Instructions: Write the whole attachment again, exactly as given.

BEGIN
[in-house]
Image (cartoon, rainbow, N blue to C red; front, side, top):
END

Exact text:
[in-house]
Image (cartoon, rainbow, N blue to C red; front, side, top):